Sophie, a quiet girl working in a hat shop, finds her life thrown into turmoil when she is literally swept off her feet by a handsome but mysterious wizard named Howl. The vain and vengeful Witch of the Waste, jealous of their friendship, puts a spell on Sophie. In a life-changing adventure, Sophie climbs aboard Howl’s magnificent flying castle and enters a magical world on a quest to break the spell.
Studio Ghibli’s quality of animation is top notch in this film. Throughout, Sophie gradually morphs between her true self and a bent grandmother. The story is enjoyable and full of rich details. The characters are likable, strong willed (in the case of Sophie) and multi-dimensional. Even the villain has a soft side and isn’t totally evil. Ghibli makes films for both adults and children to enjoy. Howl’s Moving Castle has tender moments that warm the heart and lighthearted childhood antics that bring up soft memories.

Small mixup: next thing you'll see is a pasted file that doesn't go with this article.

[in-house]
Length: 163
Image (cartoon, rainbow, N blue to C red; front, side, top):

In every Ghibli film, Hayo Miyzaki seeks to shed light on a specific theme. Howl’s Moving Castle speaks about the terrors of war on the people and environment. War literally makes men into monsters as wizards give up their humanity to become powerful machines of destruction. The story also focuses on how important the hearts of people are despite appearances. We are only as young and beautiful as we think and act.
Howl’s Moving Castle is animation and story telling at it’s best. The animation is fluid and rich. The colors are vibrate. Unfortunately, the characters and areas (outside of Howl’s Castle) lack detail but the wonderful animation more than makes up for the lack of detail. The dialogue is crisp and lacks distracting awkward phrases or sentences. Howl’s Moving Castle, like most of Studio Ghibli’s works, shows us how compelling animation and story telling can be.